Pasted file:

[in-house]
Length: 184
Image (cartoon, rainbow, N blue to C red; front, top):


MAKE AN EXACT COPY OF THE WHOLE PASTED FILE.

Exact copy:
[in-house]
Length: 184
Image (cartoon, rainbow, N blue to C red; front, top):